Camping with Tweety tonight six miles from Delaware Water Gap – should finish by noon on Sunday.
Had a glorious day today and the weather looks great for tomorrow, too!
This part of New Jersey is remarkably undeveloped with large areas of forest and beautiful lakes. The trees in the valleys still have leaves and show a lot of color.
Our camp site last night had a tremendous view
We stumbled upon the Mohican Outdoor Center and got treated to some trail magic by the staff there.
Free French toast casserole and a big bag of brownies and cornbread.
Many hikers have been so nice to us as we approach our destination.
Got some great trail magic from “beatnik” today
We’ve been treated to some fine views
Saw a plane pulling a glider
Saw some hawk watchers on Racoon Ridge. They set up an owl decoy to attract hawks. That’s the Delaware River on the left, flowing toward the Delaware Water Gap
And saw these cute forest friends
Getting ready for the big day tomorrow,
Junco and Tweety
During these last few days, I want to thank all of those folks who helped me along the way.
Today, I’d like to recognize those who hiked with me for day hikes and sections and those who took me on excursions that rejuvenated me.
Harry Brown, my colleague and friend, who got me started in Georgia.
My wife Paula
My brother Jim
My Brother Tim
My cousin Linda’s husband Dave and their daughter Sage
My friends Pat and Marty
My friend Johanna
My med school classmates Brian and Trueman
My Australian hiking buddy Lou (Book ‘n Boot)
My friend Jim (J2B)
The excursion leaders:
My cousin Linda for taking me to visit my childhood home in Connecticut
The Kennebec River guide team – my friends Laura, Pat and Zach
My sister Janice’s family (Dave, Gus, and Sadie) who took me to the farm in Vermont and Little Gott Island in Maine
My brother Tim for shuttling me long distance in Virginia/North Carolina and New England.
I’m so appreciative and thankful for the great support and company. Could never have made it without you all!!
Feeling the magic brought by friends and family,
Had a perfect day to start the hike with my brother, Jim.
He’s been training and testing out his equipment in anticipation of this trip. We banged out over 8 miles in a half day of hiking (started at noon) – great start!!
Bet you didn’t know that duct tape came in leopard skin – see the back of my shorts
Amazing to see this garter snake in November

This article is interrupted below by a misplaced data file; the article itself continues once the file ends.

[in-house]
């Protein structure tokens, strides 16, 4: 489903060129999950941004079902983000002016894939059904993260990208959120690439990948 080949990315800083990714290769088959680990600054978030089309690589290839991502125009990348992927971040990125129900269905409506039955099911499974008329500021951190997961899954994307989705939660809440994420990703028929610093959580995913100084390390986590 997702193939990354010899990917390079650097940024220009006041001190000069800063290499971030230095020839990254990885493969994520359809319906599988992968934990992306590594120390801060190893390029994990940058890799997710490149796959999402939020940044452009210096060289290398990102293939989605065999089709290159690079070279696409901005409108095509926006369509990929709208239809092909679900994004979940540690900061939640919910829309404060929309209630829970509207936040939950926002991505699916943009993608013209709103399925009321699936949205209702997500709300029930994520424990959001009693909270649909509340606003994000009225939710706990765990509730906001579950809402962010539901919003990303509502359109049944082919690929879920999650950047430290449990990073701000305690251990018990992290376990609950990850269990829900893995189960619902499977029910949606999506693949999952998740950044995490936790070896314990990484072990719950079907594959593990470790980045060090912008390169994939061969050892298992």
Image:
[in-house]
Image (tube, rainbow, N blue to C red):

Beautiful NJ farm
Recently deceased vole:
The beech trees are beautiful
Thanks to my sister in law Vicky for preparing the food for Jim and me for this stretch!!!
We’re working on a trail name for Jim – and we welcome suggestions!!
Just rolled in to the Delaware Water Gap today. The Delaware River passes through the gap
This is the border between Pennsylvania and New Jersey.
The AT hiking ridges on each side of the gap are made of quartzite, and you can see how bent and irregular the rock layers are
That makes it look like this on the trail
Ran into more rhododendron tunnels “on the rocks”
Two forest friends from today
A little hippo
And a vampire bat (complete with fang)
So now on to the final section.
The Big News is that my brother Jim is driving up from his home in Landenberg PA to join me for the last 50 miles.
I’ll be seeing him in a couple hours.
We’re going to get shuttled to Unionville NY and hike back south bound (and finish here in Delaware Water Gap). My last flip flop!!!
Some shots from yesterday
Some stretches have no leaves in the trees
The beech trees have kept their leaves
And the red maples
Two blazes lining up
Starting the final stretch,
The ridge I’ve been hiking on is called Blue Mountain. Other than the challenge of negotiating the rocky terrain, it is quite beautiful.
I dropped into Lehigh Gap and crossed the Lehigh River
On the other side of town is the Palmerton anthracite coal mine. Zinc was also processed in Palmerton.
It is a Superfund site and the ridge is a hodgepodge of rocks with few living things due to toxins produced in the mining process.
There is a process going on now to “remediate” the mess and grow plants and trees on the barren ridge. It was disheartening to hike through such a disturbed place.
Earlier in the day, some nice things came my way.
This stalked mushroom was growing 3 feet up the side of this tree
I came upon this scene. Anyone want to speculate on what happened here?
Glad I’m not that junco,
I’ve recently taken to lining up the white blazes to catch more than one in a photo.
In this next photo the two blazed trees are 50 feet apart
Today, I had the good fortune to capture 3 blazes on two separate occasions (zoom in on the first blaze to see the other two that follow)@
Sometimes things get slow on the trail…
These PA rocks continue to torture me
The Knife’s Edge was particularly treacherous
Other parts of the day were more routine
A healthy beech tree arching over the trail
The photo below reminds me that if the trail maintainers blaze an unhealthy tree, they can still salvage the critical portion of bark
Trying to love rocky trails,